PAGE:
What is champ and how to make it fresh and summery
“All Hallow’s Eve is the time for young girls to think of future husbands. Favours buried in the bowl of champ, much as with the Christmas pudding reveal what fortune may be expected for the coming year. The favour might be a gold wedding ring, or it might be a twig for a wife-beater, a button for bachelorhood, a penny for a man of substance, a miniature horseshoe for luck.”Elizabeth Luard, Still Life
What is champ? Basically it’s mashed potato plus – only instead of the plus being cabbage as in the case of colcannon, the plus in champ, which is also, not surprisingly an Irish dish, is spring onions.
This is a Saucy Dressings variation of champ which contains enough ‘healthy greens’ to mean that you don’t have to bother cooking any additional sides. The mint and the spring onions and the yoghurt give the potato a summery, zesty flavour. Infusing the milk with the peas and spring onions ensures the flavours intensify and permeate the potato.
I offer absolutely no excuses for the instant mash…. I am not going to spend my summer peeling potatoes.
This goes well with white fish and a caper, parsley, and crème fraîche sauce.
Recipe for fresh, summery champ
- 3 or 4 spring onions
- 2 tbsp thick Greek yoghurt
- 225g/1½ cups frozen peas
- 3 or 4 mint leaves
- 120g/1 cup smash instant potato
- ½pt/285ml/1¼ cup just boiled water – but boil more, you will probably need it
- 1 x chicken stock cube dissolved in it
- ½pt/240ml/1 cup full (do not even think of messing around with skimmed) milk (or you can use 170g tin evaporated milk)
- smoked salt and white pepper
- just under a quarter of a pack of butter (40-60g)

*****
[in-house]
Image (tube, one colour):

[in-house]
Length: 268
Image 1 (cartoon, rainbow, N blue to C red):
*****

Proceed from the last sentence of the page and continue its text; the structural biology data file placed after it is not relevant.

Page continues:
- 2 cloves of garlic, mashed with the smoked salt above
- Bring the milk to boiling point and add the peas and spring onions and simmer a couple of minutes
- Take off the heat and mix everything else in with a fork – heat through again if necessary. You may find it is still a bit solid, or you may prefer your mash a bit sloppier, in which case just add a bit more yoghurt – but do this right at the end when you are sure of the consistency.
“One of the saddest instructions you will ever see in a cookbook is the advice to discard all the green part of a spring oinion and use only the white. This is completely missing the point…..If you throw away the top part, how can you make Irish champ, in which mashed potatoes are enhanced with flecks of green onions and lots of butter? Except for the root and the very tips of the green, which may be tough, the whole thing is good to use.”Bee Wilson, in The Financial Times
This post is dedicated to Karen Birch.
Music to cook to, video clip to watch
Booker T and the MGs, Green Onions
Below is a trailer for the Irish film, Matchmaker